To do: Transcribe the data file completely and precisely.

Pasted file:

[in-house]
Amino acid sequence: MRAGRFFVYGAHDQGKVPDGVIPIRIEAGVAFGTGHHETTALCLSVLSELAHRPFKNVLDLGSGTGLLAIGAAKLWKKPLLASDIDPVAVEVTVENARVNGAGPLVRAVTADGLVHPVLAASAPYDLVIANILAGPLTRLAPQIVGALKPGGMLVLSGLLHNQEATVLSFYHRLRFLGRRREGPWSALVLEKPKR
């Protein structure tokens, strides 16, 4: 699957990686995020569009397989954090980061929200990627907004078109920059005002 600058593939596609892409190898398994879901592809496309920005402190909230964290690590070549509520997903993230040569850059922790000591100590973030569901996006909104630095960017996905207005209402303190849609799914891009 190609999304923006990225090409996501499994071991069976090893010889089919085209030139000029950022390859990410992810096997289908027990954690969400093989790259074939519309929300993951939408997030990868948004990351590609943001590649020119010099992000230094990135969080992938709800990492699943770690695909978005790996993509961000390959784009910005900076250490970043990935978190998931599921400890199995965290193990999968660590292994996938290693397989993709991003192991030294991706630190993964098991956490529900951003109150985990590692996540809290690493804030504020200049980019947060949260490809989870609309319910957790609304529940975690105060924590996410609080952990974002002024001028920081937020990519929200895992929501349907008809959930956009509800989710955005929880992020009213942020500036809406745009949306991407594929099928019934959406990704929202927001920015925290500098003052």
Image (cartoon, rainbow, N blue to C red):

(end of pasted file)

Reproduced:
[in-house]
Amino acid sequence: MRAGRFFVYGAHDQGKVPDGVIPIRIEAGVAFGTGHHETTALCLSVLSELAHRPFKNVLDLGSGTGLLAIGAAKLWKKPLLASDIDPVAVEVTVENARVNGAGPLVRAVTADGLVHPVLAASAPYDLVIANILAGPLTRLAPQIVGALKPGGMLVLSGLLHNQEATVLSFYHRLRFLGRRREGPWSALVLEKPKR
């Protein structure tokens, strides 16, 4: 699957990686995020569009397989954090980061929200990627907004078109920059005002 600058593939596609892409190898398994879901592809496309920005402190909230964290690590070549509520997903993230040569850059922790000591100590973030569901996006909104630095960017996905207005209402303190849609799914891009 190609999304923006990225090409996501499994071991069976090893010889089919085209030139000029950022390859990410992810096997289908027990954690969400093989790259074939519309929300993951939408997030990868948004990351590609943001590649020119010099992000230094990135969080992938709800990492699943770690695909978005790996993509961000390959784009910005900076250490970043990935978190998931599921400890199995965290193990999968660590292994996938290693397989993709991003192991030294991706630190993964098991956490529900951003109150985990590692996540809290690493804030504020200049980019947060949260490809989870609309319910957790609304529940975690105060924590996410609080952990974002002024001028920081937020990519929200895992929501349907008809959930956009509800989710955005929880992020009213942020500036809406745009949306991407594929099928019934959406990704929202927001920015925290500098003052």
Image (cartoon, rainbow, N blue to C red):